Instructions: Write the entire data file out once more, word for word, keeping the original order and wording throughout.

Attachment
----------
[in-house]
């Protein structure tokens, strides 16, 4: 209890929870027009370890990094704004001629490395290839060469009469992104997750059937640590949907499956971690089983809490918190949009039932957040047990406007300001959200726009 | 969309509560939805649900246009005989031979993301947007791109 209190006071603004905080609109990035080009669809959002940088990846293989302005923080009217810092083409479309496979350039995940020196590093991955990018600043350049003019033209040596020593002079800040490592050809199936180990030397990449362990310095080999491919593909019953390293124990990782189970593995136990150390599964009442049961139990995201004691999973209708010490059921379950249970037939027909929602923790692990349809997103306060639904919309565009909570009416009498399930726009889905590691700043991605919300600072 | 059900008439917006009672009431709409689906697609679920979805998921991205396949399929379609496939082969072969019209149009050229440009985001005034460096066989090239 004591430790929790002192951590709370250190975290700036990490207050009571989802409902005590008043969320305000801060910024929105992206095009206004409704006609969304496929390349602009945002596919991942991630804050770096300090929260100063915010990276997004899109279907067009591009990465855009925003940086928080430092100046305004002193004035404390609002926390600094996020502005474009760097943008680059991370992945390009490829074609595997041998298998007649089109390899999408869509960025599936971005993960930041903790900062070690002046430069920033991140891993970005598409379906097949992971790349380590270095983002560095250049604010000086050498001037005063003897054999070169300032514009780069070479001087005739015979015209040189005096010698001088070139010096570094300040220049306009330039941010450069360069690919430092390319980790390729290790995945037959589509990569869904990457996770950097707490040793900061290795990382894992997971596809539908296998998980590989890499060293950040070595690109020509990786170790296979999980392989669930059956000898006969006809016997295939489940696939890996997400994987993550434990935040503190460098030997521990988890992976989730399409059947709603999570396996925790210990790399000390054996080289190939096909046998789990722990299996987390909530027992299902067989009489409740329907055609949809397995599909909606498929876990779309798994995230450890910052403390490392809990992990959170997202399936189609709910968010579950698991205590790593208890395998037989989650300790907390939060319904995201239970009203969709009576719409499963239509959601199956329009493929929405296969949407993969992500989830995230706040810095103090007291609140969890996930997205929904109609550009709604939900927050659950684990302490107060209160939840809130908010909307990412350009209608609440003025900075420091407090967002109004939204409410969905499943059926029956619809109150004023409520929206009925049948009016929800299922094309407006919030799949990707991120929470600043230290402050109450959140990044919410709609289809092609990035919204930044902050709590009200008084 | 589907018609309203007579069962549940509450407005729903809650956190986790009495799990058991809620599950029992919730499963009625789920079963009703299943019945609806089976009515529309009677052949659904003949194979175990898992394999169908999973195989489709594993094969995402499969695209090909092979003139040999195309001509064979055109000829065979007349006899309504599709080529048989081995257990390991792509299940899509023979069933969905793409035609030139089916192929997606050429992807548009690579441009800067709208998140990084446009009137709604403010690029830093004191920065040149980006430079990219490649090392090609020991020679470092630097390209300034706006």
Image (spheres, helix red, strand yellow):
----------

[in-house]
């Protein structure tokens, strides 16, 4: 209890929870027009370890990094704004001629490395290839060469009469992104997750059937640590949907499956971690089983809490918190949009039932957040047990406007300001959200726009 | 969309509560939805649900246009005989031979993301947007791109 209190006071603004905080609109990035080009669809959002940088990846293989302005923080009217810092083409479309496979350039995940020196590093991955990018600043350049003019033209040596020593002079800040490592050809199936180990030397990449362990310095080999491919593909019953390293124990990782189970593995136990150390599964009442049961139990995201004691999973209708010490059921379950249970037939027909929602923790692990349809997103306060639904919309565009909570009416009498399930726009889905590691700043991605919300600072 | 059900008439917006009672009431709409689906697609679920979805998921991205396949399929379609496939082969072969019209149009050229440009985001005034460096066989090239 004591430790929790002192951590709370250190975290700036990490207050009571989802409902005590008043969320305000801060910024929105992206095009206004409704006609969304496929390349602009945002596919991942991630804050770096300090929260100063915010990276997004899109279907067009591009990465855009925003940086928080430092100046305004002193004035404390609002926390600094996020502005474009760097943008680059991370992945390009490829074609595997041998298998007649089109390899999408869509960025599936971005993960930041903790900062070690002046430069920033991140891993970005598409379906097949992971790349380590270095983002560095250049604010000086050498001037005063003897054999070169300032514009780069070479001087005739015979015209040189005096010698001088070139010096570094300040220049306009330039941010450069360069690919430092390319980790390729290790995945037959589509990569869904990457996770950097707490040793900061290795990382894992997971596809539908296998998980590989890499060293950040070595690109020509990786170790296979999980392989669930059956000898006969006809016997295939489940696939890996997400994987993550434990935040503190460098030997521990988890992976989730399409059947709603999570396996925790210990790399000390054996080289190939096909046998789990722990299996987390909530027992299902067989009489409740329907055609949809397995599909909606498929876990779309798994995230450890910052403390490392809990992990959170997202399936189609709910968010579950698991205590790593208890395998037989989650300790907390939060319904995201239970009203969709009576719409499963239509959601199956329009493929929405296969949407993969992500989830995230706040810095103090007291609140969890996930997205929904109609550009709604939900927050659950684990302490107060209160939840809130908010909307990412350009209608609440003025900075420091407090967002109004939204409410969905499943059926029956619809109150004023409520929206009925049948009016929800299922094309407006919030799949990707991120929470600043230290402050109450959140990044919410709609289809092609990035919204930044902050709590009200008084 | 589907018609309203007579069962549940509450407005729903809650956190986790009495799990058991809620599950029992919730499963009625789920079963009703299943019945609806089976009515529309009677052949659904003949194979175990898992394999169908999973195989489709594993094969995402499969695209090909092979003139040999195309001509064979055109000829065979007349006899309504599709080529048989081995257990390991792509299940899509023979069933969905793409035609030139089916192929997606050429992807548009690579441009800067709208998140990084446009009137709604403010690029830093004191920065040149980006430079990219490649090392090609020991020679470092630097390209300034706006």
Image (spheres, helix red, strand yellow):